Monitoring Threatened Species and Ecological Communities
Monitoring Threatened Species and Ecological Communities aims to improve the standard of monitoring for Australia’s threatened biodiversity. It gathers insights from some of the most experienced managers and scientists involved with monitoring programs for threatened species and ecological communities in Australia, and evaluates current monitoring programs, establishing a baseline against which the quality of future monitoring activity can be managed. Case studies provide examples of practical pathways to improve the quality of biodiversity monitoring, and guidelines to improve future programs are proposed.
This book will benefit scientists, conservation managers, policy makers and those with an interest in threatened species monitoring and management.
Recovering Australian Threatened Species
Recovering Australian Threatened Species showcases successful conservation stories and identifies approaches and implementation methods that have been most effective in recovering threatened species. These diverse accounts – dealing with threatened plants, invertebrates, fish, reptiles, birds and mammals – show that the conservation of threatened species is achievable: that it can be done and should be done.
An Uncertain Future: Australian Birdlife in Danger
In An Uncertain Future, Geoffrey Maslen takes us into the fascinating lives of Australian birds, showing us how intelligent they are, the significant threats they face due to disappearing habitats and climate change and how essential these angels of the air are to our own survival.
Drawing on numerous interviews with researchers and biologists studying birdlife in Australia and dozens of scientific reports from around the world, Maslen reveals a dire picture of what plummeting bird populations means for humanity.
Vanished and Vanishing Parrots
A detailed illustrated account of parrots which have become extinct or are facing extinction.
Joseph M. Forshaw, one of the world’s leading authorities on parrots, calls attention to the threats they face: they are one of the most endangered groups of birds, with a growing number of species nearing extinction. The main threats arise from habitat loss through deforestation and agricultural development and from the taking of birds for the international live-bird trade.
Vanished and Vanishing Parrots brings together information on species that have become extinct in historical times with information on species that are in danger of becoming extinct to increase public awareness of the plight of these magnificent birds. Vivid colour plates by the wildlife artist Frank Knight draw attention to the spectacular species that we have lost or that could be lost. Forshaw’s work gives us fascinating insight into these endangered and extinct parrots.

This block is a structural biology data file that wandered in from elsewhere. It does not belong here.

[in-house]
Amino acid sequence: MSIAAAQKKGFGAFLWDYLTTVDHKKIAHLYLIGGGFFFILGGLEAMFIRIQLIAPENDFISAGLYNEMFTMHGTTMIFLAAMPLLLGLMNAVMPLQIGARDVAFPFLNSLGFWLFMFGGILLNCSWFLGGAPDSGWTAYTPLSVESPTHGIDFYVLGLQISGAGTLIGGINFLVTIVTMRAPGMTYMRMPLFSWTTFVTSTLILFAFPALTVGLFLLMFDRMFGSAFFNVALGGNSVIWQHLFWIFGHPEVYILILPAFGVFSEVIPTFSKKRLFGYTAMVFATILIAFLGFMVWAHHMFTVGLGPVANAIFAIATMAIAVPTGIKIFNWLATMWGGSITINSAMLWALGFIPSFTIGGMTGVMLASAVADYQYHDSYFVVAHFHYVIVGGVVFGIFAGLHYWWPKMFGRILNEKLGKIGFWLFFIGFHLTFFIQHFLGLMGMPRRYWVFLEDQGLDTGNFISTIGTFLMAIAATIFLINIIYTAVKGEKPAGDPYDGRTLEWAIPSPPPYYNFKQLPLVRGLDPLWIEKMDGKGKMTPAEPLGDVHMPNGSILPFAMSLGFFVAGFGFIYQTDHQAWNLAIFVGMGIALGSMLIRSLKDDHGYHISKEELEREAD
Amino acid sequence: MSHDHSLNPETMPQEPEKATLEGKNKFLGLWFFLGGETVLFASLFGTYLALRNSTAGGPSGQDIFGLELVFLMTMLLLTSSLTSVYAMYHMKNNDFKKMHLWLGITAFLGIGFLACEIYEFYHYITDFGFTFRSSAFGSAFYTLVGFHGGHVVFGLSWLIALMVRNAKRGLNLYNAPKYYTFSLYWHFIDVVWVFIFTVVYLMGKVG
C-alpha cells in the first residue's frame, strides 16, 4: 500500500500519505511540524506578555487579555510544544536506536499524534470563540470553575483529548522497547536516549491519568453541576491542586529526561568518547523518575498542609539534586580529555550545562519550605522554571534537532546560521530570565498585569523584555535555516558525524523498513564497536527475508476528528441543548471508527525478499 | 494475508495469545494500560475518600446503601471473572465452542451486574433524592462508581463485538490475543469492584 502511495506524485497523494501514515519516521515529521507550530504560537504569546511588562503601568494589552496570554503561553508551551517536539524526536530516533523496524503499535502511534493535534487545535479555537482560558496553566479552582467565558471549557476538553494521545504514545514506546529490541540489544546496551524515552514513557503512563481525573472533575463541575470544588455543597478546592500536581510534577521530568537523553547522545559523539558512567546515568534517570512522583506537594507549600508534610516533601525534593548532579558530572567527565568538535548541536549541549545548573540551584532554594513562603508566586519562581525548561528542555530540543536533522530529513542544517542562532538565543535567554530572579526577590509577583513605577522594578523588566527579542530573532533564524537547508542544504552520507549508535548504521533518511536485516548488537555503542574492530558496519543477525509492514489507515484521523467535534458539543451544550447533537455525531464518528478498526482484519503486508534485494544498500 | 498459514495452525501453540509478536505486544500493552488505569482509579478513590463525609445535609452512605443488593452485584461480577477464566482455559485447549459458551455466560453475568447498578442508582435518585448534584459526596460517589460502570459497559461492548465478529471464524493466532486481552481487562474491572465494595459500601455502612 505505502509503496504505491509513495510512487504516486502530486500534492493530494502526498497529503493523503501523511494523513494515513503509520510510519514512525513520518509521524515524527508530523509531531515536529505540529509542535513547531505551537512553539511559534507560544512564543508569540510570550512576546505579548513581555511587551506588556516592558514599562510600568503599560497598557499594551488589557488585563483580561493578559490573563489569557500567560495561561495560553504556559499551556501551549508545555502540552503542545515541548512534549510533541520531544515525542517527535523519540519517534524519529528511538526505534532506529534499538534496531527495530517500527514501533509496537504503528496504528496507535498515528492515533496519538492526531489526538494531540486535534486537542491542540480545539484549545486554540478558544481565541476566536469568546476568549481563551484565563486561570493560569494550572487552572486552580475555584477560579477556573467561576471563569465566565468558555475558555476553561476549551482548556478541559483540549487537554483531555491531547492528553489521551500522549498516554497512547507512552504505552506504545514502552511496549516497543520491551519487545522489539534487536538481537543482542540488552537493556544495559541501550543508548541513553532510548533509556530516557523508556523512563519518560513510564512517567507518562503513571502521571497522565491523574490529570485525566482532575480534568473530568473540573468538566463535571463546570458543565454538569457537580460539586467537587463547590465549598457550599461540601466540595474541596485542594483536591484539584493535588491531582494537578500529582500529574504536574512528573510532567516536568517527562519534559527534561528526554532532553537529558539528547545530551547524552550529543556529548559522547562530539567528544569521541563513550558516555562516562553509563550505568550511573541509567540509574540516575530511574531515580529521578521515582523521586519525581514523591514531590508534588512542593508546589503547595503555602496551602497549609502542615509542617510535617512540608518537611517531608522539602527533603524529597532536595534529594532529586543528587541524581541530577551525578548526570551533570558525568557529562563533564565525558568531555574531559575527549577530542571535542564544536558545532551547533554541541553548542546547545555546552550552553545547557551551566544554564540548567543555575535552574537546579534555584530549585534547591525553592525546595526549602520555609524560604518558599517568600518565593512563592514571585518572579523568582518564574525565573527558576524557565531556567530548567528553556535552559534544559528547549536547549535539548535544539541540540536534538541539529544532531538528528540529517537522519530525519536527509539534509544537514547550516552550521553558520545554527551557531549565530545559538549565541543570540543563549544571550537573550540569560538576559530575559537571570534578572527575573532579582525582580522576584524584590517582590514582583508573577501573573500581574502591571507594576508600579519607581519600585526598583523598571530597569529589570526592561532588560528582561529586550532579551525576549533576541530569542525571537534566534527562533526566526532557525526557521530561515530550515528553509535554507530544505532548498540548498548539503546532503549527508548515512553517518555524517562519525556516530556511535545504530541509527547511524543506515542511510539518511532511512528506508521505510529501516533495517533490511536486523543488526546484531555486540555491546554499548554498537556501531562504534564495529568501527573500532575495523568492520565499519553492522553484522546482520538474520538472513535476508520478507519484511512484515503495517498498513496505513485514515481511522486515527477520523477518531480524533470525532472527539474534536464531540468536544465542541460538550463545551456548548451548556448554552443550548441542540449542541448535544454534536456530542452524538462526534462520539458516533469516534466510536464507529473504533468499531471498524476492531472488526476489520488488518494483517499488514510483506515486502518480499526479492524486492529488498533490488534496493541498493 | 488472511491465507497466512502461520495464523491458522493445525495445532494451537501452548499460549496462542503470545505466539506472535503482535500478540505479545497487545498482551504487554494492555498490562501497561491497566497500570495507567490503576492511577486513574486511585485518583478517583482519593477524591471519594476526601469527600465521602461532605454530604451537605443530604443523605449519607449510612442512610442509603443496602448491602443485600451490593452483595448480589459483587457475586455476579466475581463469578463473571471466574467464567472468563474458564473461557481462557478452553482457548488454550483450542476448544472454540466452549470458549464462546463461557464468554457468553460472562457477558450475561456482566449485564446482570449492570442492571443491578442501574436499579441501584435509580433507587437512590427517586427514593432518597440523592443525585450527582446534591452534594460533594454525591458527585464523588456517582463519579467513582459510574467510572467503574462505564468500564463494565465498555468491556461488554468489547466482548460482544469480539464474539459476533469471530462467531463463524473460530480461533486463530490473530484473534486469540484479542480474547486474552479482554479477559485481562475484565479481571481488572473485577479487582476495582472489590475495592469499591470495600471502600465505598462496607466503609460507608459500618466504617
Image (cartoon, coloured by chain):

Vanished and Vanishing Parrots will be a valuable reference for scientific, ornithological and avicultural organisations, as well as individual lovers of birds and of illustrated natural history books.
For well over a century, the Night Parrot lured its seekers into Australia’s vast, arid outback. From the beginning it was a mysterious bird. Fewer than 30 specimens were collected before it all but disappeared, offering only fleeting glimpses and the occasional mummified body as proof of its continued existence. Protected by spinifex and darkness, the parrot attained almost mythical status: a challenge to birdwatchers and an inspiration to poets, novelists and artists.
Night Parrot documents the competitiveness and secrecy, the triumphs and adventures of the history of the bird and its followers, culminating in the recent discovery of live birds at a few widely scattered locations. It describes what we are now unravelling about the mysteries of its biology and ecology and what is still left to learn. Complemented by guest essays, illustrations and photographs from a wide variety of sources, this book sheds light on Australia’s most elusive bird.
Lord Howe Island Woodhen
This book tells the fascinating success story of saving the flightless Woodhen of Lord Howe Island. This unique large rail, an iconic and highly endangered Australian bird, was at the very brink of extinction with just 15 individuals found in 1980, when bold and risky actions were taken to save it.
The book begins with the discovery and ecology of Lord Howe Island. It then details the history of the Woodhen, its place among the rails and their evolution of flightlessness, the planning, implementation and trials, tribulations and successes of the captive breeding programme and the way in which the wild population recovered. The ecology, behaviour and breeding biology of this unique flightless island rail are also discussed. The text is accompanied by numerous photographs and drawings.
This is a story of survival, yet the bird remains highly endangered as it is under constant potential threat, which could tip it over the brink and to extinction. The Woodhen provides gripping insights into the potential for both losing and saving vertebrate species.
A Bat’s End: The Christmas Island Pipistrelle and Extinction in Australia
On the evening of 26 August 2009, the last known pipistrelle emerges from its day-time shelter on Christmas Island. Scientists, desperate about its conservation, set up a maze of netting to try to catch it. It is a forlorn and futile exercise – even if captured, there is little future in just one bat. But the bat evades the trap easily, and continues foraging. It is not recorded again that night, and not at all the next night. The bat is never again recorded. The scientists search all nearby areas over the following nights. It has gone. There are no more bats. Its corpse is not, will never be, found. It is the silent, unobtrusive death of the last individual. It is extinction.
This book is about that bat, about those scientists, about that island. But mostly it is an attempt to understand that extinction; an unusual extinction, because it was predicted, witnessed and its timing is precise.